past event

The Last Mile: How Can the Global Health Field Help Philanthropy Assess Its Work?


To identify the leading frameworks for M&E in the global health arena, and to help philanthropists make use of these frameworks in health and other issue domains.


Both public and private sector grant-makers seeking social impact face the same challenge: to design the evaluation method that best informs the decisions they will need to take.

Funders often seek to gather as much data as possible and to analyze that data in search of evidence of impact. This approach can lead to expensive evaluations and can place a heavy burden on the grantees that must gather data. Yet the profusion of data produced often fails to supply decision-makers with the information they need in the timeframe that it is required.

But when funders design an M&E system that assembles data from the ground up that is most relevant to the choices they must take, the system is more likely to be used and used to good effect.  This approach of decision-based evaluation will be the one explored by the Aspen Program on Philanthropy and Social Innovation’s (PSI) Last Mile Workshops.

This workshop convened public and private sector leaders from the global health sector. The primary goal of this session was to “rewind the tape” on the progress made toward decision-based evaluation and to document that process for future use by others – differentiating between those aspects of the process that can be applied to other issue domains and those that cannot.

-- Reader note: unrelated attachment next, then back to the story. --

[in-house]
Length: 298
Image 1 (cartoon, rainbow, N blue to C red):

Participants in this workshop emerged with the following points of consensus:

  1. Monitoring and evaluation must be of use and the findings “actionable”;
  2. For M&E, too, the benefits must outweigh the costs;
  3. Differences in terminology, culture and local practice color M&E in significant ways; consulting grantees early on helps to address these challenges.
  4. M&E plays at least two quite different but equally-important roles: accountability and learning. Both should inform design;
  5. Good metrics are no substitute for good judgment;
  6. The need for better communication around these emerging best practices in M&E is urgent;
  7. The opportunity to teach is large, improving the field more broadly.

(Details on these points are included in the post-meeting report linked on this page)

Event information
Tue Jun 1, 2010
10:00am - 1:00pm GMT+0000
The Aspen Institute